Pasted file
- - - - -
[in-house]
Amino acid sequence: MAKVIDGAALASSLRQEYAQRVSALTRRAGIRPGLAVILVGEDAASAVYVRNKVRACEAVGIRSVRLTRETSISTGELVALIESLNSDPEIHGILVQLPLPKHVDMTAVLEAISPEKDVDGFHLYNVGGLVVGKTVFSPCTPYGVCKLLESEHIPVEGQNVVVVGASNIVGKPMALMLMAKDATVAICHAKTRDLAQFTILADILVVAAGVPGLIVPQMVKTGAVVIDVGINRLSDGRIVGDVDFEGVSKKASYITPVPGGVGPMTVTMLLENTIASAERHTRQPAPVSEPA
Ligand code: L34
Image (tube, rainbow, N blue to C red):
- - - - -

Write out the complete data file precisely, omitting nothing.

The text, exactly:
[in-house]
Amino acid sequence: MAKVIDGAALASSLRQEYAQRVSALTRRAGIRPGLAVILVGEDAASAVYVRNKVRACEAVGIRSVRLTRETSISTGELVALIESLNSDPEIHGILVQLPLPKHVDMTAVLEAISPEKDVDGFHLYNVGGLVVGKTVFSPCTPYGVCKLLESEHIPVEGQNVVVVGASNIVGKPMALMLMAKDATVAICHAKTRDLAQFTILADILVVAAGVPGLIVPQMVKTGAVVIDVGINRLSDGRIVGDVDFEGVSKKASYITPVPGGVGPMTVTMLLENTIASAERHTRQPAPVSEPA
Ligand code: L34
Image (tube, rainbow, N blue to C red):